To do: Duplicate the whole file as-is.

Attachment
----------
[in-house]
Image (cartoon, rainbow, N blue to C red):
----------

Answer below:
[in-house]
Image (cartoon, rainbow, N blue to C red):